Rampion windfarm - questions over how well the technology actually works

Letter to Norman Baker MP

THERE has been much discussion locally in recent weeks regarding the proposed Rampion Wind Farm.

There has been much suggestion of the possibility of local employment as a result of this proposed wind farm.

The truth of course is, should this proposal go ahead, that apart from the possibility of a few unskilled jobs, all the expertise to build and maintain this will be bought in as needed as the work will be very specific and specialised.

The other truth, that gets ‘glossed over’ is that wind farm technology just doesn’t work.

There was much is the press back in the winter when existing wind farms had to be ‘turned off’ because the gales were too strong for the turbines.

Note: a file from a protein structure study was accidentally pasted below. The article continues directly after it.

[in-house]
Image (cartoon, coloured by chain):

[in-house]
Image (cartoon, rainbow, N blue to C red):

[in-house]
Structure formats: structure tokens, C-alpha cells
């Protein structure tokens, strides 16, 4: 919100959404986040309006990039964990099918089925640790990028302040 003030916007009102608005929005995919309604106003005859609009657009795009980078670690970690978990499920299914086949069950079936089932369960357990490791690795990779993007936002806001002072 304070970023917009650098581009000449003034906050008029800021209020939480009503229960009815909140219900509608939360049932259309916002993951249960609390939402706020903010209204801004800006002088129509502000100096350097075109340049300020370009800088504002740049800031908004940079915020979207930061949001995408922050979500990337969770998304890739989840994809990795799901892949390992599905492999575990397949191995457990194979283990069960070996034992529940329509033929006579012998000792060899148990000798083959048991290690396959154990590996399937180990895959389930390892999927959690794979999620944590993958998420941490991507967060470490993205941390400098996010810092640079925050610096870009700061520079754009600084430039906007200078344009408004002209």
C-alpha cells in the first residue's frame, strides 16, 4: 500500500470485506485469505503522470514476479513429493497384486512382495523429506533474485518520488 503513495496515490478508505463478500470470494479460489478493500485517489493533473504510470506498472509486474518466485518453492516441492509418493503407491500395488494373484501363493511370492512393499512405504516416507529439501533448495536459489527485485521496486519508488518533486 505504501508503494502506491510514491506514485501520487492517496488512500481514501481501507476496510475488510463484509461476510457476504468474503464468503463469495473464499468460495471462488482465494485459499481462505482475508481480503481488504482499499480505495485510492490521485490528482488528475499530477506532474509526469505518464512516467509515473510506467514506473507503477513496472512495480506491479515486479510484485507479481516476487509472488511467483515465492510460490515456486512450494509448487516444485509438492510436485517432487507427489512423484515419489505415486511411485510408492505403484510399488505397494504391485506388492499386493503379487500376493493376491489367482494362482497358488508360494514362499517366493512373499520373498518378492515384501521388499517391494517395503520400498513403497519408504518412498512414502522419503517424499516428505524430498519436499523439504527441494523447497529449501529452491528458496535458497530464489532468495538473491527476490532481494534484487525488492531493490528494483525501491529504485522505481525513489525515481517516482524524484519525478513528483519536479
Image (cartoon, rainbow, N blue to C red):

There was also the much publicised photo of the turbine that caught fire because it was turning too fast in the gales. There is also the operational question that this technology doesn’t produce anything like the claimed power output.

The truth is that the only way these wind farms are cost effective for the power companies that build and operate them is because of the government subsidies that they attract.

The arrival of the ‘jack up’ barge that is to install the ‘test tower’ out at sea was greeted in Newhaven with some fanfare. Is this generating any local jobs though? The answer to that is of course, NO, that is apart from the the small involvement of the harbour staff in ‘docking’ the barge. Again, all the expertise is being bought in just to complete this part of the project.

As a very timely aside, an article on wind farms appeared in the national press the day after the arrival of this ‘jack up’ barge.

I copy the photo, courtesy of the Daily Mail. The article, again courtesy of the Daily Mail is titled ‘As the government offers huge subsidies for wind farms, how thousands of turbines have been left to rot across America – Broken down and rusting, is this the future of Britain’s ‘wind rush’?

The article, which is far too long to copy here, makes very interesting reading and should raise very serious questions regarding this quest for ‘wind power’.

Geoff King,

Seaford